Congress recently overwhelmingly passed the America’s Water Infrastructure Act. Here is the latest national water policy perspective from IH2O guest blogger Dan Kidera of the OB-C Group in Washington DC. Congress just completed the America’s Water Infrastructure Act, a bipartisan and broadly supported comprehensive piece of legislation to address America’s water infrastructure needs. The bill […]
Water — The Latest from Capitol Hill
Guest post from Dan Kidera
We know there’s a lot of noise emanating from the general direction of Washington DC (and further east), but we’re not taking our eye off the ball on federal policy developments in water. IH2O contributor Dan Kidera presents a summary of the latest developments, including a brief appraisal of what the movements on the Supreme Court could mean for the Clean Water Act.
In June, both the House and Senate passed their own Energy and Water Appropriations bills which provide yearly funding for water programs in the United States. The House passed their bill on a partisan line vote with Republicans voting in favor and Democrats opposing. The Senate passed a separate bill with bipartisan support, 87 members voting in favor and only nine in opposition. It is not worth getting too much into the specifics of the bills, the funding levels, and what programs are being supported as neither the House nor Senate bills will be signed into law.
The bills now move to a conference committee where select members of the House and Senate will meet to try and work out a compromise bill that can pass both the House and Senate and be signed by the White House. Congress has until September 30th to pass their appropriations bills or there will be need to be a continuing resolution to keep the government open.
Beyond Appropriations, Congress continues to work on other water related measures. In June, the House passed the Water Resources Development Act (WRDA), which provides guidance for all Army Corp of Engineer (ACOE) projects and needs to be completed every two years. The Senate has been considering its own WRDA bill, which is more expansive than the House bill, and expands beyond ACOE projects to other water development projects.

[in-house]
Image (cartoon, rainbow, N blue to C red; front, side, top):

The hold up in the Senate has been that the more expansive bill has come with a significant cost as they provide a boost in funding for water projects around the country. They are currently working through changes in the Senate to try and mitigate the costs while still providing necessary resources for water infrastructure. In addition, Congress must renew the federal flood insurance program which is set to expire at the end of July.
There will continue to be smaller scale efforts to deal with specific problems in our water infrastructure, like this week the House is considering an innovation bill related to storm water control infrastructure, but the broad scale infrastructure package to tackle the real challenges facing water and our infrastructure as a whole will not happen this Congress.
There might be a draft of an infrastructure package released at some point in September by House Transportation and Infrastructure Chairman Bill Shuster to set a benchmark for the future. Chairman Shuster is retiring at the end of this Congress and wants to be able to put out a bipartisan plan that can be a starting point for possible future work on infrastructure but the package will not be seriously considered this year.
Instead, Congress will continue to use the appropriations process to nickel and dime select projects and band aid over the crumbling water infrastructure and challenges it presents.
The other big news that will certainly impact water and the environment for years to come is the announcement in late June by Justice Anthony Kennedy to retire from the Supreme Court. The nomination of Brett Kavanaugh to replace Justice Kennedy could significantly alter environmental law in a manner that limits the authority of the EPA to use its regulatory authority under the Clean Air and Clean Water Act.
Kavanaugh has a hostile view of the long-standing Chevron decision and believes any action the EPA takes without explicit instructions from Congress should be viewed skeptically. The shift from Kennedy to Kavanaugh is likely to result in less protections against pollutants and a more difficult time using regulatory authority to mitigate and reserve climate change.
Dan Kidera is a Democratic lobbyist in Washington, DC at the OB-C Group and previously worked in Congress for Senator Chuck Schumer and as a political appointee in the Obama Administration.
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